BOOTLEG FILES 678: “Elstree Calling” (1930 British musical revue co-directed by Alfred Hitchcock).
LAST SEEN: We cannot confirm the last public exhibition of this film.
AMERICAN HOME VIDEO: On bootleg video labels only.
REASON FOR BOOTLEG STATUS: Never made available for U.S. commercial home entertainment release.
CHANCES OF SEEING A COMMERCIAL DVD RELEASE: It is possible, but not a priority.
In 1930, the first British musical feature film was released under the title “Elstree Calling.” Today, most people are aware of the film only because of Alfred Hitchcock’s involvement in the production.
No, “Elstree Calling” is not a Hitchcockian thriller. In fact, Hitchcock’s exact contributions have always been somewhat cloudy. Part of the confusion can be found in the opening credits, which attribute the direction to Adrian Brunel and acknowledged Hitchcock for “Sketches and other interpolated items.” Hitchcock himself was disinterested in discussing the production with his biographers, curtly dismissing it as being “of no interest whatsoever” and even claiming he devoted a single day’s work to the effort while other directors were called in to shoot sequences. Complicating matters was the decision by British International Pictures (BIP), the film’s production studio, to fire Brunel before the end of the project, which has generated speculation that Hitchcock was needed to complete Brunel’s task on a for-hire basis.
“Elstree Calling” was intended to be the British answer to the all-star revue films created by the Hollywood studios when sound technology permeated the motion picture industry. But whereas “Hollywood Revue of 1929,” “Paramount on Parade” and “The Show of Shows” packed the screen with the era’s major U.S. movie stars, “Elstree Calling” opted to cull the top attractions of Britain’s music hall venues and West End theaters to populate this musical-comedy revue.
“Elstree Calling” – the title refers to BIP’s Elstree Studio – is framed as a “cine-radio revue” with 19 vignettes hosted by Tommy Handley, a popular radio comedian who specialized in a brand of smugly condescending commentary and ancient puns. The revue is supposedly being televised – this might be the first film to ever acknowledge the television technology – and a running gag involves an inept inventor trying to fix his homemade television set in order to watch the show. Most film historians credit Hitchcock with directing the television scenes.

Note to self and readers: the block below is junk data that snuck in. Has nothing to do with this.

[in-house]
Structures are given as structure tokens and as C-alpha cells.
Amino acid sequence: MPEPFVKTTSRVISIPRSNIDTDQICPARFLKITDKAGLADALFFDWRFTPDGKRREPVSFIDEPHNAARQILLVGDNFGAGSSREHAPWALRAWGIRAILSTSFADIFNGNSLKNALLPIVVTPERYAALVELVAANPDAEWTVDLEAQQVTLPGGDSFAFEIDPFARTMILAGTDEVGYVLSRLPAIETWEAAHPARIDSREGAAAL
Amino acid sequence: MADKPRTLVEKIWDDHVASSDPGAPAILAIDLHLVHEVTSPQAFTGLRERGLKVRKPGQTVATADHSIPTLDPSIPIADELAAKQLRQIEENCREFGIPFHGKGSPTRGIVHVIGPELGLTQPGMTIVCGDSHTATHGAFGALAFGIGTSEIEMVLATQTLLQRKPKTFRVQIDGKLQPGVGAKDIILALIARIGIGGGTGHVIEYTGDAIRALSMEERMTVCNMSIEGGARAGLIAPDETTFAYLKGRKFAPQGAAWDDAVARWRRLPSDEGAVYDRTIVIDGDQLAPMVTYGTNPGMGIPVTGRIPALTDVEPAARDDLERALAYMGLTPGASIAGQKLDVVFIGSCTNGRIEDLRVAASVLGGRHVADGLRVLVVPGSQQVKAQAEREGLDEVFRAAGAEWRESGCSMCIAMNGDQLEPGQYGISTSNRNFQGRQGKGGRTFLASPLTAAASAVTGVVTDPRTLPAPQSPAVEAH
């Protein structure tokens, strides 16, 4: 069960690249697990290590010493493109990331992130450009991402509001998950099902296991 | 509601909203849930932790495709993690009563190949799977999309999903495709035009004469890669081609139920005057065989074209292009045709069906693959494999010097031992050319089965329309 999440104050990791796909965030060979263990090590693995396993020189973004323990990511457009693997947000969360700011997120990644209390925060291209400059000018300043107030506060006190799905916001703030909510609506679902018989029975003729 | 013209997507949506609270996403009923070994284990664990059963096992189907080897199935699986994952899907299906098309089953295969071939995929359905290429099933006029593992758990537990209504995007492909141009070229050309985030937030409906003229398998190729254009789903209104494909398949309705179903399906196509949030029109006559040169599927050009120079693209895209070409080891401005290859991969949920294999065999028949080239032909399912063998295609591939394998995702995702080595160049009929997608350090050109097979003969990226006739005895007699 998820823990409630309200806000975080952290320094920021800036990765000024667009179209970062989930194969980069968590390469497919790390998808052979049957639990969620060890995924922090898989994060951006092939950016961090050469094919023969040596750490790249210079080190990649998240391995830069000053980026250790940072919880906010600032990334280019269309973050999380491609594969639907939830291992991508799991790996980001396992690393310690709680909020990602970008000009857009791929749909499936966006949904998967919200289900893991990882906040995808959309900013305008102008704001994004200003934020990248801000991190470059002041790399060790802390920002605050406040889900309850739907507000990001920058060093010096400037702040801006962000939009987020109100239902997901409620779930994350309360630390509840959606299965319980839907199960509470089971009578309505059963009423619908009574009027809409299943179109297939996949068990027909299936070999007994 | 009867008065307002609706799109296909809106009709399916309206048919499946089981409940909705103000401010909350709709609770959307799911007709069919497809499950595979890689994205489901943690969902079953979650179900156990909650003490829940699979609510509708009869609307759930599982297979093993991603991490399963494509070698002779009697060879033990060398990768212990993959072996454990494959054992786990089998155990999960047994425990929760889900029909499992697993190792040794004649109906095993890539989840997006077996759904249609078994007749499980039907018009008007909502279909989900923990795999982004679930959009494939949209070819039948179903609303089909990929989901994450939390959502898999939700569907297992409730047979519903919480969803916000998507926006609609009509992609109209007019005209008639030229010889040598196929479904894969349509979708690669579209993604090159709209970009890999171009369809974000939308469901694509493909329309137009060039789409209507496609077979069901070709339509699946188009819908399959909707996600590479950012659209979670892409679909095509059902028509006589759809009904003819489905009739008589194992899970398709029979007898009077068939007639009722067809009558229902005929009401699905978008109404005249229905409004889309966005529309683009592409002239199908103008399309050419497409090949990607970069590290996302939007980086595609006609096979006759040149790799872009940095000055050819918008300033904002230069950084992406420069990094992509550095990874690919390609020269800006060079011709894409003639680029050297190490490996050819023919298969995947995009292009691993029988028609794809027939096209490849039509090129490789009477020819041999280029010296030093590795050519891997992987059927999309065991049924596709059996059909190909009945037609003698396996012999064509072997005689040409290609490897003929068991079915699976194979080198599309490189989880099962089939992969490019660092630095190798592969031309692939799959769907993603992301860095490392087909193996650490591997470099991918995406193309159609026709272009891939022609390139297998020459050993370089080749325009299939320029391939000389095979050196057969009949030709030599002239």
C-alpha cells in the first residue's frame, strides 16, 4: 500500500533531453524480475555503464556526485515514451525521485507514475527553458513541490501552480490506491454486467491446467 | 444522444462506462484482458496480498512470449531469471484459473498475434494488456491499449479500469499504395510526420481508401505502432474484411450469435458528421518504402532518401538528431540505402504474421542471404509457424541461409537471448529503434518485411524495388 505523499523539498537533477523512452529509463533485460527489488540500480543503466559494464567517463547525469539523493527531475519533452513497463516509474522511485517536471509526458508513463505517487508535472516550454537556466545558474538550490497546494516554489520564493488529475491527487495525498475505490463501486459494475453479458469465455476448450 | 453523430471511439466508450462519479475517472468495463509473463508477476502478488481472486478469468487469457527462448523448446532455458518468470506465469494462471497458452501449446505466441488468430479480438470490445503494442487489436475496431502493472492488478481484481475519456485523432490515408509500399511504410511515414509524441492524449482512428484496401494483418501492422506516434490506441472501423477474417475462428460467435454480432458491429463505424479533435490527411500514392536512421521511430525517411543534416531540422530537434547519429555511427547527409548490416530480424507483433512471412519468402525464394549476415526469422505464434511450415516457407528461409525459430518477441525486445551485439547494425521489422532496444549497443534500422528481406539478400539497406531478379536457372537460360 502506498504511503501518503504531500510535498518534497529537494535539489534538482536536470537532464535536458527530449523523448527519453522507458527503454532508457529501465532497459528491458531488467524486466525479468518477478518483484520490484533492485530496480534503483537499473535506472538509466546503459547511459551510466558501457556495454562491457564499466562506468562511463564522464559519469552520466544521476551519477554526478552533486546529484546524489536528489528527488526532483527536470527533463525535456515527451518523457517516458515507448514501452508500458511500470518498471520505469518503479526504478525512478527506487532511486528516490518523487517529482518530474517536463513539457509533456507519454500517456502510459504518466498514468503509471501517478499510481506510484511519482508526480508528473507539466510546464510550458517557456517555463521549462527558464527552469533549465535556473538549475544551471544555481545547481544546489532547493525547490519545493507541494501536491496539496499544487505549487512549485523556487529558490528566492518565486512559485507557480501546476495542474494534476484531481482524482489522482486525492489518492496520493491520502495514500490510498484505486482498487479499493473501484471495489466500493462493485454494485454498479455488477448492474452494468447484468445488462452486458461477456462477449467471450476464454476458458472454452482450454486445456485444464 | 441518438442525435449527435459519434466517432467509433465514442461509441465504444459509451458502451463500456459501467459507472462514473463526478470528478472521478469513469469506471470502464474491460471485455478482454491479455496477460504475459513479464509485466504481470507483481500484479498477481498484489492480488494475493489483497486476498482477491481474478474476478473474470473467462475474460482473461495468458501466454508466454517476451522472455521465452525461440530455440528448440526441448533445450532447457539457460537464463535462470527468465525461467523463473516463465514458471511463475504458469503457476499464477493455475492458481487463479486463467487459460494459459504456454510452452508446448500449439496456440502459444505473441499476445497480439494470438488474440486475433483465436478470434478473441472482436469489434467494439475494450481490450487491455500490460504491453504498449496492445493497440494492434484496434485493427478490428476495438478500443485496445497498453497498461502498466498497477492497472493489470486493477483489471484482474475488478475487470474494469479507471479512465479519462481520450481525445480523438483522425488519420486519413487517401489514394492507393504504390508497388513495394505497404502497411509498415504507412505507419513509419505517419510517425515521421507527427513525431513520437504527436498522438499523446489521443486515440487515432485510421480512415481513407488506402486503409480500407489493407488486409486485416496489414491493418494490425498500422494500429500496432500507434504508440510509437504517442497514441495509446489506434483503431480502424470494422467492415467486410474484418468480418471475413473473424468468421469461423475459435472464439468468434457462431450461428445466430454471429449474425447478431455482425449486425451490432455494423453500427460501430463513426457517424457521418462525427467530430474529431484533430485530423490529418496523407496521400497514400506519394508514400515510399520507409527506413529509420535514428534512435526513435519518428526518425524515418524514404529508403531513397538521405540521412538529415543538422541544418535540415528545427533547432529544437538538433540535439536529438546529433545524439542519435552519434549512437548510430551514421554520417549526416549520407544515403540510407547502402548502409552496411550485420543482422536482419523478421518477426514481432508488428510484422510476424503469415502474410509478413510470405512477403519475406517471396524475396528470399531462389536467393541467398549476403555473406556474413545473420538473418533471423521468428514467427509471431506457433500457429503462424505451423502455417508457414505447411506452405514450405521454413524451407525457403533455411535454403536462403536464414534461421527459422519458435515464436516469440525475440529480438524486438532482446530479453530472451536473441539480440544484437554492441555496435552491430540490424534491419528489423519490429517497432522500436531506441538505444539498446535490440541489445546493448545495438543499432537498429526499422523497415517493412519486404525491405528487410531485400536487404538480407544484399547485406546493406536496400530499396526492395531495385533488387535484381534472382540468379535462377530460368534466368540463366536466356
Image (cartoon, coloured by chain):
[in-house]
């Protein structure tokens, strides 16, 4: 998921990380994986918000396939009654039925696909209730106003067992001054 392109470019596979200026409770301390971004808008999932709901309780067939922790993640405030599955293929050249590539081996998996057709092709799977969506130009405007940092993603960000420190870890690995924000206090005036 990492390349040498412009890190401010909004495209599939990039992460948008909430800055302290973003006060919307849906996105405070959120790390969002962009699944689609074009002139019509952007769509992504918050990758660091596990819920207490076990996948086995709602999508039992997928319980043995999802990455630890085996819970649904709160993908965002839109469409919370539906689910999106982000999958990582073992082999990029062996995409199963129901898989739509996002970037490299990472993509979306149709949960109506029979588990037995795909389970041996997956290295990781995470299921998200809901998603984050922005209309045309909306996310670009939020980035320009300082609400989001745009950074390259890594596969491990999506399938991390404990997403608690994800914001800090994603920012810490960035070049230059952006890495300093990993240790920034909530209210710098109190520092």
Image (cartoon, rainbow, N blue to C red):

As for the revue, the strangest thing about “Elstree Calling” was having the most invigorating numbers performed by expatriate American acts. Teddy Brown, a morbidly obese tuxedoed percussionist and band leader, opens the show with a playfully catchy xylophone number and returns later for more musical showmanship on the drums and xylophone. Brown’s style was graceful yet mischievous, and his rendition of “Ain’t Misbehavin’” is, hands down, the best cover of a Fats Waller tune ever performed.
Also from across the Atlantic are The Three Eddies, a singing-and tap dance trio consisting of African-American men wearing blackface, derbies and oversized white-framed eyeglasses. While the use of blackface will make many contemporary viewers uncomfortable, one cannot deny their energetic showmanship. The most inventive sequence in “Elstree Calling” finds the Three Eddies dressed like skeletons and performing before a black backdrop while singing “Tain’t No Sin (To Take Off Your Skin and Dance Around in Your Bones).” It is a brilliant use of black-and-white art direction and costuming, and the trio’s jollity electrifies the proceedings.